Wednesday, August 17, 2011
This is installment no -20 - my story August 17th 2011
This is installment no – 20 -
A package of ready roll Wing cigarettes .15 cents, a pkg. Camel or Lucky Strike was .18 cants, a bag of Bull Durham tobacco .05 cents, a bag of Golden Grain tobacco .05 cents, a pkg. Bugler tobacco to roll your own .12 cents, a can of Prince Albert smoking tobacco .18 cents, a plug of Days -Work chewing tobacco .10 cents, a plug blood hound chewing tobacco .05 cents, a small can of Burton or Garrett snuff .10 cents a large can was .25 cents, a package of sweet granger chewing tobacco .12 cents. A yard of broad cloth sold for .10 cents per yard. A spool of thread was a nickel. A 1940 ford car sold less then a $1,000. Dollars, I know because we bought one.
We purchase coffee, dry lima beans, dry pinto beans, dry peas, sugar in 100 pound sacks and we would scoop them in to small brown bags making .10 cent bags and .25 cent bags. A pocket watch sold for a dollar, work glove was .35 cents, work caps was .25 cents, a twenty four pound sack of flour was .75 cents, a peck of corn meal was .30 cents, a pair or overalls was $1.25 a blue denim shirt was .50 cents, a blue denim jumper coat was $1.00. The flour sacks came in various colors of nice broad cloth and familiars made dresses out of them.
We had a screened in compartment to keep our loaf bread into and some bakery goods like some sweet rolls or jellyrolls. Our mail carrier Mr. Blankenship brought us fresh bread from Sylacauga bakery two or three times each week. I am sure that he was not paid for performing this wonderful deed I am sure he was doing this deed in the goodness of his heart because he was a good Christian man.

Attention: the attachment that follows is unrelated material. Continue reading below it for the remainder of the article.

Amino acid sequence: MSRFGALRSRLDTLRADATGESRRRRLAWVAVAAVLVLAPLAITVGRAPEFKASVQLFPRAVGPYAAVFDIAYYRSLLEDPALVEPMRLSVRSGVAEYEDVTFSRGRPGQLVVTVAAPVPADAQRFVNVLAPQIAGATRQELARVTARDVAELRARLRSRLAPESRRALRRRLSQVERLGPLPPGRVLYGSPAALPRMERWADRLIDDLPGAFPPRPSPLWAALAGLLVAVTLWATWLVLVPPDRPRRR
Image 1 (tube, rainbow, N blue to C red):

The Post office building—picture number-5
In the very earliest period time we did not receive any mail in the town because the town had no name and no post office building. We would receive our mail on the star route and we would have to meet the mail carrier at the forks of the road at Mt. Moriah and receive our mail. After the town was name “ Hillwood “ Mr. Rich had us a post office building built and Mr. Rich or Mr. Duncan Guy, contacted the postal department and we were assigned a postal carrier and a postmistress. Mr. Blankenship was assigned as our mail carrier and I do not know or remember any one ever being our mail carrier but Mr. Blankenship. Mr. Blakenship would pick up mail in Sylacauga and bring it to us in Hillwood at exactly 12:00, noontime, and you could check you watch for his prompt arrival time. Mr. Blakenship would stay in town until 3:00 afternoon and retrieve all the mail and take it to Sylacauga to the postal department. Mr. Blakenship did not live in Hillwood, he lived in the Weogufka community.
Mrs. McMain was our first postmistress and to my knowledge was the only one. My sister Helen served as an assistant when she was needed. So was the sister of Mrs. McMains, Mrs. Russell. Mrs. McMain had two children a daughter Evelyn and a son Gaden, and her brother and her sister live with them.
This is the end of installment no –2 0 -